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In many regions, fall is an ideal time to fertilize and repair the lawn. The seasonal transition from summer to autumn allows for expert gardeners to enhance their finest flowers, herbs, vegetables, and crops utilizing expert techniques and tips that guarantee growth.

In northern areas, late-fall fertilizing (which occurs after the first frost) gives most cool-season turf grasses a head start the following spring. Use a slow-release fertilizer with an N-P-K ratio of 3-1-2.

Take the opportunity to aerate heavily trafficked and worn-out areas of the lawn. If the ground has been compacted, aerate and re-seed it well before the first frost so next year's grass will have a chance to root with less competition from weeds.

Use a power aerator or star-wheeled cultivator to till the target area to a depth of about 1/4 inch. Then, lightly coat the area with fresh soil, and sprinkle grass seeds to match the surrounding grass.

Sow about 15 seeds per square inch (check seed-box label for application rate). Till once again, and tamp lightly with your foot to get good seed-to-soil contact. Use bamboo stakes or bent twigs to mark newly seeded areas, and water well.

If you choose to live and garden green, eco-friendly lawn care may be a match made in heaven. Utilizing organic fertilizer, choosing to water consciously, and selecting eco-friendly plant strains are all methods of ensuring your garden is truly environmentally beneficial.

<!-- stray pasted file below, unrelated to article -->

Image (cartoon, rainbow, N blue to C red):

Composting is an excellent manner of recycling discarded plant scraps for a more vibrant and beautiful garden. Martha's Composting 101 provides a simple and seamless guide to composting for gardeners who wish to make the most out of their yards.

DIY Compost System

Design your very own compost system using a simple system of three bins.

Layer It On: Food Scraps

Beef up your bins using a layer of food scraps. Waste not, want not!

Layer It On: Paper, Lint, and Hay (Brown)

Black and white newspapers, lint, and hay enrich a hearty compost bin.

Layer It On: Soil (Neutral)

Tossing in terrain from your garden aids the compost's consistency.

Layer It On: Garden Waste (Green)

Clean, green trimmings left from tending to your garden lend compost more organic matter.

Layer It On: Dry Leaves (Brown)

Celebrate fall foliage further by incorporating old leaves into your compost.

Compost: Steps 1-5

Learn the proper layering technique for your compost bins, steps one through five.

Compost: Steps 6-9

Enrich your knowledge of long-term compost maintenance through moisture and rotation.

Choose Your Bin: The Tumbler

Begin with a bin, such as the classic tumbler. Tumblers offer an economy of space that other options lack.

Choose Your Bin: The Two-Door

Kick your compost up a notch with a two-door bin.

Choose Your Bin: The Roller

Build a bulging bin with a model that allows for greater volume. The rolling bin lends new meaning to the term "crop rotation".

Compost Tea

Your compost requires water as does your garden. Nourish compost with a nutrient-rich tea blend.

Comments (1)

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